Alindao vs Joson : 114132 : November 14, 1996 : J Davide Jr : Third D...

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http://sc.judiciary.gov.ph/jurisprudence/1996/nov1996/114132.htm

[Syllabus]

THIRD DIVISION

[G.R. No. 114132. November 14, 1996]

FE M. ALINDAO, petitioner, vs. HON. FELICISIMO O. JOSON, in his capacity
as the Administrator, Philippine Overseas Employment Administration;
PHILIPPINE OVERSEAS EMPLOYMENT ADMINISTRATION, and
HISHAM GENERAL SERVICES CONTRACTOR, respondents.
DECISION
DAVIDE, JR., J.:

In this petition for certiorari, prohibition and mandamus under Rule 65 of the Rules of Court,
petitioner Fe M. Alindao seeks to set aside the 10 February 1994 Order of respondent Philippine
Overseas Employment Administration (POEA) Administrator Felicisimo O. Joson in POEA Case
No. (L) 89-08-703, which reversed the 28 November 1990 Order, for having been issued with
grave abuse of discretion.
The material facts leading to the instant petition are not disputed.
Petitioner applied, was interviewed and qualified for employment in Saudi Arabia as a
laboratory aide, for a term of one year and with a monthly salary of US$370.00, through private
[1]
respondent Hisham General Services Contractor (hereinafter Hisham).
She paid Hisham
P15,000.00 as a placement fee, but no receipt was issued. She did not insist on a receipt as she
saw her name written in a logbook to record the transaction and Hisham assured her of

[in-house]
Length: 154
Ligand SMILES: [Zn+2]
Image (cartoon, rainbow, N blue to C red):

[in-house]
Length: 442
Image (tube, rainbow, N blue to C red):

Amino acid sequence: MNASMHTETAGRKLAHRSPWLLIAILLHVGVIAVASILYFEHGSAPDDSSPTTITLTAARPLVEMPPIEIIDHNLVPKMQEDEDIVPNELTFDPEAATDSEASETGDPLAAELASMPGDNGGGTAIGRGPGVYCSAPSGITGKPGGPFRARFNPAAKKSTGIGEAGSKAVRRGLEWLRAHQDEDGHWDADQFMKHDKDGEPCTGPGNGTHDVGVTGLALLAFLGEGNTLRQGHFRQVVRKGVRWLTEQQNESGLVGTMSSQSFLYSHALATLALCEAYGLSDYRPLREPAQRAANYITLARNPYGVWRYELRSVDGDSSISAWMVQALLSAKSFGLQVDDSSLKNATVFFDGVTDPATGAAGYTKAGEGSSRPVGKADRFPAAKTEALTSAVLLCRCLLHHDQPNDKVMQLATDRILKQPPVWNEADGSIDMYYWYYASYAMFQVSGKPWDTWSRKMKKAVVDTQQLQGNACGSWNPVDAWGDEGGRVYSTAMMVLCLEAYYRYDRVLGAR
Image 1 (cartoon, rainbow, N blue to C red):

employment by presenting her passport already stamped with a visa and her plane ticket.
Petitioner left for Saudi Arabia on 9 March 1988. Upon arrival, she was met by a
representative of her employer, the Dahem Clinic. She was told she would stay at Alcobar until
needed.
Two weeks later, the petitioners employer brought her to his residence and was made to
work as a domestic helper. Her employer did not treat her well and paid her only 660 Saudi
riyals. The unfair working conditions prompted the petitioner to ask that she be sent home, but
she was merely returned to Alcobar. She worked for only a month and six days. From there, she
worked at several residences until she saved enough money to return home.
She arrived in the Philippines on 7 July 1989, and filed with the POEA a complaint against
Hisham for breach of contract, violation of the terms and conditions of its authority as a service
contractor, and violation of the following provisions of the Labor Code: Article 32 (requiring
issuances of receipts for fees paid), Article 34 (a) (prohibiting one from charging an amount
greater than that specified in the schedule of allowable fees), and Article 34(b) (prohibiting one
[2]
from furnishing false information in relation to recruitment or employment [misrepresentation]).
The case was docketed as POEA Case No. (L) 89-08-703.
A request for verification revealed that Hishams license as a service contractor was to expire
[3]
on 7 March 1991.
After appropriate proceedings, POEA Administrator Jose N. Sarmiento handed down on 28

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